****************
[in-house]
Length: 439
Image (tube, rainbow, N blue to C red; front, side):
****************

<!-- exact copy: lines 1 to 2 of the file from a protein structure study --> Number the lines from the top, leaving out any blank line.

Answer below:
[in-house]
Length: 439